Leeds residents benefit from £36m district heating network

Leeds Heat Network (Demo)

ALMOST 800 homes in Leeds have now been connected to the city’s ‘Leeds PIPES’ district heating network, allowing residents to enjoy affordable and sustainable heating and hot water.

The £36 million scheme, delivered in partnership between Leeds City Council and Vital Energi, uses heat generated from black bin waste at Leeds’ Recycling & Energy Recovery Facility (RERF).

The heat is then transported to local businesses and residents using a series of super insulated district heating pipes.

It is estimated that the network will save tenants at 1,983 properties between 10-25% on their energy bills and reduce Leeds’ annual carbon footprint by 11,000 tonnes once the first phase of the scheme has been completed later this year.

Councillor Debra Coupar, Leeds City Council’s executive member for communities, said: “Leeds has made fantastic progress with its Affordable Warmth Strategy over the last few years, and it is promising to see that almost 800 properties are now connected to the district heating network.

“I’m delighted that we’ve been able to connect residents in council properties to affordable heating and hot water. This will have a significant impact on the health and wellbeing of those connected to the scheme.

“It is great to hear from local tenants about how the network has already made a positive difference by helping them stay warm and healthy over the winter period and how it will help them save money in the long-term.”

Residents at Shakespeare Grange in Leeds have had the heating for the past few months, with one already reporting a saving of around £150 a month. Businesses including the Leeds Playhouse have also been connected to the network.

Work on the second phase of the network is now in progress after the council received an additional £2.4 million in funding from the Heat Network Investment Project (HNIP).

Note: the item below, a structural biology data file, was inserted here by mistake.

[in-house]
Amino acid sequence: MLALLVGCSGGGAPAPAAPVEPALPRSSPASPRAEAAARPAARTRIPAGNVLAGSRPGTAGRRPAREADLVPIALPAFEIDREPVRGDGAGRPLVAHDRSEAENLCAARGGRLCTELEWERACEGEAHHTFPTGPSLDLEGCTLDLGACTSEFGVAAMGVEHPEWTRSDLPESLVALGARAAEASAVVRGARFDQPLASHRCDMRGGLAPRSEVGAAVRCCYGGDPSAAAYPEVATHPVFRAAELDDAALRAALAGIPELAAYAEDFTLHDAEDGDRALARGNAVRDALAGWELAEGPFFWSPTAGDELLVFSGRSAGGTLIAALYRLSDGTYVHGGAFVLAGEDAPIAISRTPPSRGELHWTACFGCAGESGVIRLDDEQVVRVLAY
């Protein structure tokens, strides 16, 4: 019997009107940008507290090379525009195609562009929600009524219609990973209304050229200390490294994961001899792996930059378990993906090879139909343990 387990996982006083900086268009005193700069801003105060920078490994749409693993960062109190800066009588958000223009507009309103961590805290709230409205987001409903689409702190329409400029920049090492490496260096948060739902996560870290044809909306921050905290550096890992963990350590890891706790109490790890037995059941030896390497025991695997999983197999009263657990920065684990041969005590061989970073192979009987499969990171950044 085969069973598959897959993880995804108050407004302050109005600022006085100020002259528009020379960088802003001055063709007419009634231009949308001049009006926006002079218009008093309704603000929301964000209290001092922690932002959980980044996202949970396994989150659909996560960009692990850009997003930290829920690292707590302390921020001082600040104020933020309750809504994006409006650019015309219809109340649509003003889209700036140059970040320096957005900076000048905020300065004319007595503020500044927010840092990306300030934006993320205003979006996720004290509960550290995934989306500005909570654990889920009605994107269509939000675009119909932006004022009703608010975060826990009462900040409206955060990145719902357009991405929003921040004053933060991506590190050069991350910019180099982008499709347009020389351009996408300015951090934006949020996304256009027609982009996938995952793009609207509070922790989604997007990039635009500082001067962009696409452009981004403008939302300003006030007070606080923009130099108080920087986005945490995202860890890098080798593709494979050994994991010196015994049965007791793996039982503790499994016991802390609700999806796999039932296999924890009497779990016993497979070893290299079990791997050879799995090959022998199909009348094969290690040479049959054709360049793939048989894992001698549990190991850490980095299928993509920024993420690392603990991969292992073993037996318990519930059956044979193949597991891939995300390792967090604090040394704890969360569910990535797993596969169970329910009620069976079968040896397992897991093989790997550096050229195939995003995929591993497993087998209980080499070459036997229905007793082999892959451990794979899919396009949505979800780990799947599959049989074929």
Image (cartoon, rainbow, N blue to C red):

The additional funding will allow the 16.5km network to be extended by a further 2.5km into the city centre, connecting Leeds landmarks like the City Museum, Art Gallery, Central Library, and the Town Hall to the scheme.

Councillor Lisa Mulherin, Leeds City Council’s executive member for climate change, transport and sustainable development, said: “After declaring a climate emergency, the district heating network will make a positive contribution to enable local homes and businesses to connect to energy efficiency heating.

“The district heating network is a fantastic example of how becoming more sustainable can help the council and residents save money on their energy bills whilst also working towards our target of becoming a carbon-neutral city.

“The scheme is just one of the ways which Leeds has committed to reducing our carbon footprint and the network will make a huge difference to the city’s emissions.”

Rob Falcon, Project Director for Vital Energi, added: “Citywide projects are particularly exciting as they have a large, positive impact on both carbon emissions and energy costs, but they also have scope to grow and connect more customers and residents and become even more efficient as they expand.

“We’re delighted the project recently received HNIP funding for Phase 2 which we’re currently delivering in the Headrow and I am sure this will grow to become one of the UK’s most important heat networks.

“We’re delighted that heat is now on in almost 800 flats and the remaining residents will be switched over onto the new system over the coming months.”


Main Image: (Left to right) Rob Falcon, Councillor Lisa Mulherin, Joan Fletcher, Said Dirir and baby, with Councillor Debra Coupar. Photo courtesy of Leeds City Council

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